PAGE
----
While eugenics is now recognised as a pseudoscience – and after the Nazis, one with murderous consequences – it was once a respectable branch of the social sciences.
The term ‘eugenics’, meaning “good birth”, was coined in 1883 by Sir Francis Galton, an English scientist who pushed the University College London to found a department to study the field.
Sir Winston Churchill once called for forced sterilisation of “the feeble-minded and insane classes”.
While eugenic sterilisation never became official policy in the UK – in part due to opposition from the Catholic church – Finland, Norway, and Sweden adopted the sterilisation laws in the 1930s.
Between 1933 and 1945, more than 400,000 Germans were sterilised under Nazi “racial hygiene” laws, according to the US Holocaust Memorial Museum.
Nearly four decades after the last person was sterilised under North Carolina’s eugenics programme, a state task force is seeking the 2,900 victims of sterilisation officials estimate are still alive.
The group hopes to gather their stories and ultimately to recommend the state award them restitution. But with public coffers under severe pressure amid a flagging recovery, it is not clear the legislature will agree.
“I know I can’t make it right but at least I can address it,” said North Carolina state legislator Larry Womble. He hopes “to let the world know what a horrendous thing the government has perpetrated on these young boys and girls”.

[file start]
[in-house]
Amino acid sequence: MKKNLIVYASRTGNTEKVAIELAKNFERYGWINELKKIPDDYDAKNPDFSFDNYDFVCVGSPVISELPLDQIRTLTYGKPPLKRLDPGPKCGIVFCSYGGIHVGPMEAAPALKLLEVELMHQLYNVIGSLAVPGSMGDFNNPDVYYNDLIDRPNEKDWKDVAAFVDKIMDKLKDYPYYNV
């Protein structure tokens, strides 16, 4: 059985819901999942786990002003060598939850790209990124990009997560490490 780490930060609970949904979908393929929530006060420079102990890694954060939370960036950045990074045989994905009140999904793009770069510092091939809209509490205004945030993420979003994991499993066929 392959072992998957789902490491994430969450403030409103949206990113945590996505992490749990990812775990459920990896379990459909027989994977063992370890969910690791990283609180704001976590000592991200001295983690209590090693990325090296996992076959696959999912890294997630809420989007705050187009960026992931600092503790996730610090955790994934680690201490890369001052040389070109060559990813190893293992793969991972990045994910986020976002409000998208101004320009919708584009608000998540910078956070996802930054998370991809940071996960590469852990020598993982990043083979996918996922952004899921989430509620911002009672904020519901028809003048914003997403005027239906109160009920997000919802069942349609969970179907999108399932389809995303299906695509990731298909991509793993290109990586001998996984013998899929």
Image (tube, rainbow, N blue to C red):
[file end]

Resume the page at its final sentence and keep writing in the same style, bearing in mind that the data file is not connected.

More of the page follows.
America’s sterilisation movement was part of a broad effort to cleanse the country’s population of characteristics and social groups deemed unwanted, an effort that included anti-race mixing and strict immigration quotas aimed at Eastern Europeans, Jews and Italians.
Beginning with Indiana in 1907, 32 states eventually passed laws allowing authorities to order the sterilisation of people deemed unfit to breed. The last programme ended in 1979.
The victims were criminals and juvenile delinquents, women deemed sexual deviants, homosexual men, poor people on welfare, people who were mentally ill or suffered from epilepsy. African Americans and Hispanic Americans were disproportionately targeted in some states.
July 18, 2009
by Mike Stobbe
ATLANTA — The last time the government embarked on a major vaccine campaign against a new swine flu, thousands of people filed claims contending they suffered side effects from the shots. This time, the government has already taken steps to prevent that.
Vaccine makers and federal officials will be immune from lawsuits that result from any new swine flu vaccine, under a document signed by Secretary of Health and Human Services Kathleen Sebelius, government health officials said Friday.
Since the 1980s, the government has protected vaccine makers against lawsuits over the use of childhood vaccines. Instead, a federal court handles claims and decides who will be paid from a special fund.